Other improvements include data links and cockpit upgrades that will replace an awkward tangle of ad-hoc laptops and wires with a more operator-friendly, streamlined internal system.
"Sustainment is an issue," Greenwell said, since the B-1’s 1980s-vintage parts are running out and replacements are hard to get. The Air Force’s air logistics centers "do a good job" of anticipating parts issues and making sure they are available when aircraft enter programmed depot maintenance.
The B-2 was first in for the opening attacks in the recent Libya campaign and, before that, in Afghanistan and the Balkans.
B-52: The Survivor
The B-52’s mission has evolved many times since the type first flew in the 1950s, Miller said. It has gone from a high-altitude strategic bomber to an on-the-deck penetrator to a conventional bomb truck, a standoff cruise missile platform, and most recently, to a close air support aircraft. The fleet averages about 17,800 hours of service, but can go to 28,600 hours at least. The new goal is to get the B-52 to last until 2040—something prime contractor Boeing thinks may actually be a conservative figure.
"We don’t have to do anything until 2040" by way of a service life upgrade to keep the B-52 safe to fly, Boeing B-52 manager Scot Oathout said. The wings received a major structural upgrade to accommodate cruise missiles in the late 1970s, and that "wing beef-up" won’t have to be revisited until 2040.
The B-52 was "overdesigned," Oathout said, meaning its structure can stand far more than specified loads. The current fleet, all B-52Hs, sat alert for many years with much flying, and since then, they have operated at high altitude in a fairly "benign" flight profile without a lot of violent maneuvering, putting little stress on them.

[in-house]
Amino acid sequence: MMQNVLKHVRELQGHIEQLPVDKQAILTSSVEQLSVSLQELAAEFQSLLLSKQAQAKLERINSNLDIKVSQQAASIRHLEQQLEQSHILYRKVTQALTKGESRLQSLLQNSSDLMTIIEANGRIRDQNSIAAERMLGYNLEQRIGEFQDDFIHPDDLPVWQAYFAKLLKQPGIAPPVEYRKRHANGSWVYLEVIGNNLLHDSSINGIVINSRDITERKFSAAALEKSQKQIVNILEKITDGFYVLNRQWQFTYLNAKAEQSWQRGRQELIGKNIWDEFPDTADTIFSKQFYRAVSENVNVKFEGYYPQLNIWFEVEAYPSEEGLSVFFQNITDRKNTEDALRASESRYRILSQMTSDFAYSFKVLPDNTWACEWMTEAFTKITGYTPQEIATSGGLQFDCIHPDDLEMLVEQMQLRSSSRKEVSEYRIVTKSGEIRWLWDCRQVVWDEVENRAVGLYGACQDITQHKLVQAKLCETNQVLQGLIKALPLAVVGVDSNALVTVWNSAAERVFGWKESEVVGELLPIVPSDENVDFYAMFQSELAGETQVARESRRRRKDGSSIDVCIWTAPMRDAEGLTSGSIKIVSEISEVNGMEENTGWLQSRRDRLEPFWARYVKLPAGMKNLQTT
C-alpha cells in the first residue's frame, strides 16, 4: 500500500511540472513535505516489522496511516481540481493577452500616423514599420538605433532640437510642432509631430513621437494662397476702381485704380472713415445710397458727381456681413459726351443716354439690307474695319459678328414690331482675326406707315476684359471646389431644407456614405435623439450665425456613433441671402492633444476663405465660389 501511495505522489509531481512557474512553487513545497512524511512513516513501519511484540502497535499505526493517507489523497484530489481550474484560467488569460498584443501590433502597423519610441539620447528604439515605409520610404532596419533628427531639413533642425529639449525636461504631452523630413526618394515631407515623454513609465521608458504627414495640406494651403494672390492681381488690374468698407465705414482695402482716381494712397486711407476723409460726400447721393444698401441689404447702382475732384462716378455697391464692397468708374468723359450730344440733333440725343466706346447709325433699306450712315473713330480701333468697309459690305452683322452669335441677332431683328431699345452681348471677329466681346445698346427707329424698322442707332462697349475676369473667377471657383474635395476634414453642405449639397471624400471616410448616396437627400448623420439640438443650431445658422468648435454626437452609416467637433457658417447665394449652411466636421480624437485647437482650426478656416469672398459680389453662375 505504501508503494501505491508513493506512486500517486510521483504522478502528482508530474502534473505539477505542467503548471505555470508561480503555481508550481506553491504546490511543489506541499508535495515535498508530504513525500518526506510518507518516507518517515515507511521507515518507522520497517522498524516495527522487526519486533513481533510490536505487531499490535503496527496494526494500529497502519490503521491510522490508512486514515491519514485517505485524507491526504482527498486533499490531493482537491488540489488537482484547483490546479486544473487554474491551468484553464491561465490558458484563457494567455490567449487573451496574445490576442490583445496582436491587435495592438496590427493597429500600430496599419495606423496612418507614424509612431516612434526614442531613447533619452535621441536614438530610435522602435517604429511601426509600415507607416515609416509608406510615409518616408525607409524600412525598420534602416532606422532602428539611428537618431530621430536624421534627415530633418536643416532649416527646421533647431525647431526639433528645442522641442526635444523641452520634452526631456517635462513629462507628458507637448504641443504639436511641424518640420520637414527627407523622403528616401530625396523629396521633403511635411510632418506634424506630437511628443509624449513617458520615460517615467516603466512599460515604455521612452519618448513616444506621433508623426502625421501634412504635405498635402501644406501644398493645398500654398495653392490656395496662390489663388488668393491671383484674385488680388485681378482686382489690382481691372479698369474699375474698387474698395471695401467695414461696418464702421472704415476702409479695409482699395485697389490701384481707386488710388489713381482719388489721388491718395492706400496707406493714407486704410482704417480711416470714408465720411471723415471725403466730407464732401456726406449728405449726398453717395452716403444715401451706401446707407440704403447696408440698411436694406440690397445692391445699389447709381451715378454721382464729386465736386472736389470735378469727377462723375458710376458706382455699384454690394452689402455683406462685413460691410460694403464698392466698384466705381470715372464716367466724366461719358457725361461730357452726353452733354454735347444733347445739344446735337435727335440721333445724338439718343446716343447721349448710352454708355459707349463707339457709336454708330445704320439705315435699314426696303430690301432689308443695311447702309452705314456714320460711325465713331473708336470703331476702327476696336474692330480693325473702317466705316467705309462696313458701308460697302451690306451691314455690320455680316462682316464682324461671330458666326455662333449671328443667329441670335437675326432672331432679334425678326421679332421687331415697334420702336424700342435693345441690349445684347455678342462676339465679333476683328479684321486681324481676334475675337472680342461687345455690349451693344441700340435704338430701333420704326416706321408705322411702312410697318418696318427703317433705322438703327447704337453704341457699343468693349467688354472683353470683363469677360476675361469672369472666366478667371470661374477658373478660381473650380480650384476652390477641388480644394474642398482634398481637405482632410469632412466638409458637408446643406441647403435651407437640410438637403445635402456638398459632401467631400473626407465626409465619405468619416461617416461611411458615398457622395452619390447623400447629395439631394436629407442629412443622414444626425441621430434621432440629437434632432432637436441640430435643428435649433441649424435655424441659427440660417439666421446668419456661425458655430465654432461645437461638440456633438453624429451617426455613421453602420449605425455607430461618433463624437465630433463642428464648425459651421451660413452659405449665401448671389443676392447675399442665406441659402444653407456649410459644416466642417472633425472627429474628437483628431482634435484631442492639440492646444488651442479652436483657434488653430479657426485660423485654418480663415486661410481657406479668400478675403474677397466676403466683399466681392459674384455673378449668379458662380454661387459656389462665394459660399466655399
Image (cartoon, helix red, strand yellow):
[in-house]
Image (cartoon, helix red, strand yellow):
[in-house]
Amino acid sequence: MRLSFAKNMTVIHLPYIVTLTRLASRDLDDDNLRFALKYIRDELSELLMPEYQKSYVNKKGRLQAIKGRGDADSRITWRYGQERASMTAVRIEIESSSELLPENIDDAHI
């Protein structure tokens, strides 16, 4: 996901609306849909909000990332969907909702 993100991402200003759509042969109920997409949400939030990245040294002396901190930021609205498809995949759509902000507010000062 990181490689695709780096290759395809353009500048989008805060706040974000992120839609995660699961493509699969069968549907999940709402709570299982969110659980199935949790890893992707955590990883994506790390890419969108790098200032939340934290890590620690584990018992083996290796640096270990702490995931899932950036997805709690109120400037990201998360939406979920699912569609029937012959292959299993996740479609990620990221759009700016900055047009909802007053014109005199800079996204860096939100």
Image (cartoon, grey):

Air Force Materiel Command tracks all the bombers by tail number, he said, so each aircraft gets virtually tailor-made service when it goes in for PDM.
Parts are an issue, Oathout admitted. While some can be taken from mothballed B-52s at Davis-Monthan, the preferred method is to temporarily use a Boneyard part but make a new one from scratch. The Air Force buys such parts in sufficient batches "to ensure a source of supply" for a number of years, Oathout said.
Over the years, he said, the Air Force has replaced fuel bladders, hatches, windows, and most recently, the B-52’s radomes. Boeing does analyses of components and systems and recommends to the Air Force when it will become more economical to replace systems than to try to keep supporting them.
SSgt. Joshua Partin, with the 2nd Maintenance Squadron Fabrication Flight, walks the massive wing of a B-52 in its hangar at Barksdale AFB, La.
In an austerity budget, spending billions to re-engine the B-52 is not likely. A key near-term improvement for the B-52 is the 1760 bus, which will allow the BUFF to carry all the most modern munitions—the Joint Direct Attack Munition, Joint Air-to-Surface Standoff Missile, and JASSM-ER (Extended Range)—on an internal rotary launcher. The move will yield better fuel economy from reduced drag, flexibility of mixed payloads, and less maintenance.
In fact, Oathout reported, USAF has designated 40 common strategic rotary launchers as "excess" to nuclear requirements and will dedicate them to strictly conventional missions.
The first increment on the CSRL software and integration plan will adapt the software for various Global Positioning System weapons such as JDAM and JASSM; "Increment 2 eventually gets to a mixed load," Oathout said, that would enhance the flexibility of the B-52 to carry a variety of weapons on each mission.
Another critical ongoing improvement is the Combat Network Communications Technology, or CONECT, upgrade, to give the aircraft a digital backbone and enhanced communications. It will put improved processors at each crew member’s station, provide color displays, and finally eliminate a jerry-rigged tangle of wires and laptops that has been cluttering the B-52’s cockpit for years. The B-52 has also been fitted with the Sniper targeting pod, giving it another imaging and targeting sensor at a low cost, Oathout said.
On the horizon is a potential new AESA radar, to vastly improve the B-52’s search and ground-mapping capability while giving it additional electronic warfare capability and reducing its electromagnetic signature. The radar would need to come along by the end of this decade to replace the 30-year-old model that is rapidly becoming "unsupportable," Oathout reported. An analysis of alternatives is under way, scrutinizing in-production radars that could provide an off-the-shelf solution.
Daily Report: Read the day's top news on the US Air Force, airpower, and national security issues.
Daily Report: Read the day's top news on the US Air Force, airpower, and national security issues.